The City Form Lab has released a new series of tutorial videos that explain a wide range of Urban Network Analysis Rhino functions. Special thanks to Firas Suqi, Harvard GSD MUP 2019 graduate, for his work on the videos, and to the Harvard Data Science Initiative for supporting the work!
1. UNA Rhino Installation (3min).
Covers the necessary steps for downloading and installing the UNA tools for Rhino.
2. UNA Rhino Introduction (15min).
Provides a general introduction to different UNA tools, including how to set up and clean networks, add origins and destinations, run basic accessibility analysis and save results.
3. Analyzing spatial accessibility with the UNA Rhino toolbox (19min).
Covers the concepts behind and demonstrates applied examples of measuring spatial accessibility using the Reach, Gravity and Straightness metrics.
4. Modeling pedestrian flows with the UNA Rhino betweenness tool. (33 min)
Describes the Betweenness metric, which can be used for modeling pedestrian flows between origins and destinations in built environments.
5. Finding Closest Facilities and Estimating Facility Patronage (17min).
Introduces two separate tools for estimating the use of spatial facilities over networks: Closest Facility and Facility Patronage. The Closest Facility tool can summarize how many origin points or origin point weights are closest to each facility in a given set of facilities, and optionally computes the gravity access values for the facilities. The Find Patronage tool uses a discrete choice model to allocate origin point weights to competing destinations based on their proximity and attractiveness.
6. Finding Clusters along Networks (6min).
Introduces the UNA clusters tool which identifies clusters of points along networks according to two user inputs: a) minimum number of points that make a cluster and b) maximum network distance from each point in a cluster to at least one other member in that cluster.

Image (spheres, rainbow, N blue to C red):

7. Import-Export Data Management (18min).
Introduces UNA functions for exporting attribute and point location data out of Rhino to Excel or other databases, and for importing data into Rhino from GIS, Excel or other table sources.
8. Distribute Weights (11min).
This tool is used to prepare data for estimating access to passing foot-traffic and candidate facility locations. It distributes attribute weights from origin points to observer points that are located on paths leading to destinations. The sum of distributed weights is equal to origin point weights. The tool is conceptually very similar to the Betweenness tool, but rather than allocating the whole origin weight to each segment or point passed, it only allocates a fraction of the origin weight to each each observer that is passed. Please see the video and the help documentation for more details.
9. Redundant Routes and Redundancy Index (8min).
The Redundant Paths tool finds all possible paths between an origin and a destination that satisfy a given detour ration. These can be used for route choice analysis. The Redundancy Index computes the ratio of all path lengths that fall within the given detour ration and the shortest path length. It describes how much more linear street length becomes available as a choice to a pedestrian, when a walk is extended a certain percentage over the absolute shortest path.